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Avoiding Trouble
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Avoiding Trouble

0After years of serving as an expert witness in construction-defect cases, Paolo Benedetti knows what can happen when contractors fail to deliver the expected results. Here, he covers a set of practices aimed at keeping builders on the right path — and out of the courtroom.

If you spend enough time as an expert witness in construction-defect cases, you begin to recognize patterns.

It’s easy, for instance, to tell when a project was likely executed by the lowest bidder – someone who had to cut all sorts of corners to come anywhere close to making money on a job. It’s also pretty easy to tell when an inexperienced builder has gotten in over his or her head, encountered something difficult and made a mess in trying to figure things out. These are the obvious sorts of issues that can be uncovered in even a brief forensic analysis.

But there are other actions, sometimes on the part of the homeowner but more likely on the part of a contractor, that can lead to trouble. These aren’t necessarily subtle mistakes; rather, they are clear errors of omission or commission that produce construction defects that lead homeowners to seek legal remedies – and can put builders squarely behind the eight ball.

Many of these issues arise because watershape construction isn’t the easiest business these days, with complex systems and design details that call for high levels of professional skill. To achieve quality results, a modern builder must be well trained and educated and provide expert, attentive on-site supervision to make certain everything moves along as it should.

There’s lots of wiggle room here, so let’s start narrowing the exposure by taking a look at what can happen when things don’t go so well because a builder’s education and experience aren’t on display – and then take a look at ways to help things move positively toward quality results and project success.


Let’s begin with inspectors and inspections: All too often, homeowners (and even builders) will rely on the expertise of these officials to inspire or demand good performance. The trouble is, building inspectors in many parts of the country are much less concerned with quality and workmanship than they are with basic “life safety” issues.

To some extent, it depends on where you live and/or work. All 50 states have adopted the International Building Code (IBC) for structures, for instance, but many do not apply those rules to the construction of swimming pools. This has led some states, including California, to adopt their own more-stringent codes to address specific issues relevant to their perceived regional concerns – and some cities within these states to adopt rules that are even more rigorous.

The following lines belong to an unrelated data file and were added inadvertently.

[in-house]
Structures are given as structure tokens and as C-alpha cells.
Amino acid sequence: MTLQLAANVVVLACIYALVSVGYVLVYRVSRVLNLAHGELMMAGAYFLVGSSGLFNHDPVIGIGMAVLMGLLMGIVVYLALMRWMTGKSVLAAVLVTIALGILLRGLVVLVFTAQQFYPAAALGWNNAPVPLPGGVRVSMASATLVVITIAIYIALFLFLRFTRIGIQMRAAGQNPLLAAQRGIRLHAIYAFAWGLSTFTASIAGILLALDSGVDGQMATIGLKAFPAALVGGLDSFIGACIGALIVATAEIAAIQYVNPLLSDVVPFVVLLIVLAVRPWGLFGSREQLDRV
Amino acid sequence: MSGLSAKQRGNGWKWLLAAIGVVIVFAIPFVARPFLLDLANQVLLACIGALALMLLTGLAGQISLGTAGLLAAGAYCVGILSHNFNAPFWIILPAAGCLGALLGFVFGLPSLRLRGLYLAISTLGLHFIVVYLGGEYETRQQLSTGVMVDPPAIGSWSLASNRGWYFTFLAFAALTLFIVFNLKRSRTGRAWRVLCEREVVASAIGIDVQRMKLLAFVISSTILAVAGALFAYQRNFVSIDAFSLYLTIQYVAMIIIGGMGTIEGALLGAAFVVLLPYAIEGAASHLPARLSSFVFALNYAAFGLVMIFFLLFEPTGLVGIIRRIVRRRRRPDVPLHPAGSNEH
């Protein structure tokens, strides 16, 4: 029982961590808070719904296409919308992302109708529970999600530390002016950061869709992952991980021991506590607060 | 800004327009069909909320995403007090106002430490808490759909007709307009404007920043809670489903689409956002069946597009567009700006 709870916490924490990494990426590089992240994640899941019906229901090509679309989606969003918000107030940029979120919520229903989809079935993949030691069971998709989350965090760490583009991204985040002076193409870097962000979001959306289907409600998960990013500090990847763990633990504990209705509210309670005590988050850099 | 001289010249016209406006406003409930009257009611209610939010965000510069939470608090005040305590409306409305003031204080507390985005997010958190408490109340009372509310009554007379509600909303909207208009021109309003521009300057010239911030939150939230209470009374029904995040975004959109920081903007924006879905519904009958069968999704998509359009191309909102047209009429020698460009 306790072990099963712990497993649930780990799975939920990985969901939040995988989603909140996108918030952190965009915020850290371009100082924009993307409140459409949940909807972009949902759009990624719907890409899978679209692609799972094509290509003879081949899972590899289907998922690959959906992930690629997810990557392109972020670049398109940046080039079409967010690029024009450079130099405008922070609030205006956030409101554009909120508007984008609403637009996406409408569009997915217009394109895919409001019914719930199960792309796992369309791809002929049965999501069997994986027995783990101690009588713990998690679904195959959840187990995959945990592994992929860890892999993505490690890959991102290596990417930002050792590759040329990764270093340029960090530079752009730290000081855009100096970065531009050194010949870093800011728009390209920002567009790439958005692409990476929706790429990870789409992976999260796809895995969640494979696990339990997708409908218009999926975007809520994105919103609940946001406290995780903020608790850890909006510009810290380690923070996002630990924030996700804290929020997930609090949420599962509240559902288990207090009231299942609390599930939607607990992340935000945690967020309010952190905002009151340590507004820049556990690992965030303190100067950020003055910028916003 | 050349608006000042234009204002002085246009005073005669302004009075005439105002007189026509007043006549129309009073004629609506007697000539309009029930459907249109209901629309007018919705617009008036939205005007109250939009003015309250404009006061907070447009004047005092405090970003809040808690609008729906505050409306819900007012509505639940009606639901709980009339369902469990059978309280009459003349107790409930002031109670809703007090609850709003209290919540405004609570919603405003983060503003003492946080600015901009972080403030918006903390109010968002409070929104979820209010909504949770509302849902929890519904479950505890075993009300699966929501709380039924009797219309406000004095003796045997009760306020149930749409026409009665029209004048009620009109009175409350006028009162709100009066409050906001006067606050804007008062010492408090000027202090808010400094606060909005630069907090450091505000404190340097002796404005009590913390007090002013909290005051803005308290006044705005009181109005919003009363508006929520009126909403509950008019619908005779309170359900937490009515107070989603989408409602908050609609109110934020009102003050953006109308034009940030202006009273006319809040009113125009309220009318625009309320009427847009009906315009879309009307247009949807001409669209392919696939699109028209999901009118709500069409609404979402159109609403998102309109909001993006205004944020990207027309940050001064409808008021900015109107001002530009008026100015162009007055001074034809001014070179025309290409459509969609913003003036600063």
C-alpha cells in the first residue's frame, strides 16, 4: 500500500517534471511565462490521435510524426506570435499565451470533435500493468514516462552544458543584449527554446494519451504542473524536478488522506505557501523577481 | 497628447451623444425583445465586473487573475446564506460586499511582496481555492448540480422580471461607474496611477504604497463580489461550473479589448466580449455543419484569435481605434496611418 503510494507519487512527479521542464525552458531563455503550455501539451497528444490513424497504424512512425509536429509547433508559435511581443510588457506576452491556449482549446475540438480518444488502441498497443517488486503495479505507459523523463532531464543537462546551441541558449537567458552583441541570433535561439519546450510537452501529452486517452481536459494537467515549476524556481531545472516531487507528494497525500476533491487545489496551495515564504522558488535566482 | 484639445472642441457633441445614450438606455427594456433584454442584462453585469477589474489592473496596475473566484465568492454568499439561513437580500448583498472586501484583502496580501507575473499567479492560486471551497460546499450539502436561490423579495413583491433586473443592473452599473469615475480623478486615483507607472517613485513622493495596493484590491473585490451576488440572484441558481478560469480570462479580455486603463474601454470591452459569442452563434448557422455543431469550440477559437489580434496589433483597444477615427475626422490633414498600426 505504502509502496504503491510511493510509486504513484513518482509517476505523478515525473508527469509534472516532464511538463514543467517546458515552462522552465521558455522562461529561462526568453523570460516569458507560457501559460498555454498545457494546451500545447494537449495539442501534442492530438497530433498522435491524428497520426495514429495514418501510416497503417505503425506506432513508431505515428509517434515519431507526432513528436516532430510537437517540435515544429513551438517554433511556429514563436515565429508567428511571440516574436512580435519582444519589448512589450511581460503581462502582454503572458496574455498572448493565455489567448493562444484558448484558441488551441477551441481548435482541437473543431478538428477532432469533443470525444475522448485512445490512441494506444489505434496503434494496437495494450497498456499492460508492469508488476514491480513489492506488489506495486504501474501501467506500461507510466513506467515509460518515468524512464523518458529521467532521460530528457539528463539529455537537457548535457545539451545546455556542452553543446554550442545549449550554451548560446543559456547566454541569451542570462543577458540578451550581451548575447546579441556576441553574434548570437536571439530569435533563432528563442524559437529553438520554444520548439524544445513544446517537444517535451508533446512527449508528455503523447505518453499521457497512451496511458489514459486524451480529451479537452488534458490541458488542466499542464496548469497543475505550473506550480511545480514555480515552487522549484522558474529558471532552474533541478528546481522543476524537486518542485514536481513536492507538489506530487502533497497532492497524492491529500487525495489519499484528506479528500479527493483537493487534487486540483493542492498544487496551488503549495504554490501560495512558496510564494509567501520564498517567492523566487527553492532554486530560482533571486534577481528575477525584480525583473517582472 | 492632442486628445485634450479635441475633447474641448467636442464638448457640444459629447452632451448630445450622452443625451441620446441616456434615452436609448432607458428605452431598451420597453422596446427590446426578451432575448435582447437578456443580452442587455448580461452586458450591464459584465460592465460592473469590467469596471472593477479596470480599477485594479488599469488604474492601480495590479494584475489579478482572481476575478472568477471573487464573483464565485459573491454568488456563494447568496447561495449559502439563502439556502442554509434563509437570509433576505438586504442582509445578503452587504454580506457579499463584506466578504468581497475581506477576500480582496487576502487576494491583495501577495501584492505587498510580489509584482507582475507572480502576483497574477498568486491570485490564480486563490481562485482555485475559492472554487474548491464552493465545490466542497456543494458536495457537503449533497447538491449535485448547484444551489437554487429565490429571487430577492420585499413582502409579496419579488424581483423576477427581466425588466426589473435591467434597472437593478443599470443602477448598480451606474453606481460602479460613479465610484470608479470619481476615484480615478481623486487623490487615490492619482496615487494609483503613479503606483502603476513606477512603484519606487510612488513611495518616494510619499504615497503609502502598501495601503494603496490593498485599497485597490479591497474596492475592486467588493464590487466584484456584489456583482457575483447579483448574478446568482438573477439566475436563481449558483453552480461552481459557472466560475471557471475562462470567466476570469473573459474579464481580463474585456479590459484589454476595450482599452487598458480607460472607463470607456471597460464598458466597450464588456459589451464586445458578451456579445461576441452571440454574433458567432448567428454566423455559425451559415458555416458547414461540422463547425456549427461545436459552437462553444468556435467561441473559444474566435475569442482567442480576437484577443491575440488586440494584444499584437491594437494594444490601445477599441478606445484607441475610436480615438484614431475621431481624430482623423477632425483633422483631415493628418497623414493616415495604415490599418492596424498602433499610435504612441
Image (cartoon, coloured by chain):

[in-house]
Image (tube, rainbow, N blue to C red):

In Los Angeles, for example, local codes require soils reports, structural engineering and even a “special inspector” to monitor shotcrete or gunite application. These special observers aren’t inspectors, who can’t be tied up all day watching a shoot; instead, these are deputies who are prepared to hang around and watch the process for as long as it takes.

Over in Florida, the rules require that plumbing systems be completely specified to demonstrate that the plans fully embrace good hydraulic principles including specified line velocities and total dynamic head. In this case, the state recognizes that properly engineered hydraulic systems save energy, run more quietly and result in safer bather environments because the submitted line velocities do not exceed the capacity of the pipes.


Inspectors play an important role, but their focus tends to be on safety rather than on calling out workmanship issues that might lead to construction defects.

But if a job site is located in a jurisdiction that doesn’t take such issues to heart, chances are good that the inspection some might be inclined to rely on will be no guarantor of a defect-free construction process. And even if it is located in a diligent place, the fact that building codes are regularly updated and that it’s easy for inspectors to fall behind should make it clear: Inspections are great in several ways, but depending on them to help steer clear of construction defects is asking too much.

The same holds true of local building or planning departments. Some municipalities do not even require structural engineering (even though IBC requires it), so the contractor is left to do the right thing. Unfortunately, that involves money and, too often, the application of a “Hey, I’ve been building around here for years, what could go wrong?” attitude that can get everyone in lots of trouble should anything unexpected happen.

And even where structural engineering is required, it may not be site specific, meaning that it may not be sufficient to overcome key issues found on a given site. If luck is on the homeowner’s side, the wayward contractor won’t encounter unstable upslopes or downslopes, setback issues, building or structural surcharges (that is, objects close enough to apply stress to the shell), high water tables, loose or unsupportive soils or any of a number of potential environmental surcharges (seismic events, vertical shear planes, snow loads, avalanches, mudslides, tidal surges, storms or wind loads).